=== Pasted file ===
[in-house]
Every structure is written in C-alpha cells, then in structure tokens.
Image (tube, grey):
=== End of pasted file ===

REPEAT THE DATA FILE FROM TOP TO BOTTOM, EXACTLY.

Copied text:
[in-house]
Every structure is written in C-alpha cells, then in structure tokens.
Image (tube, grey):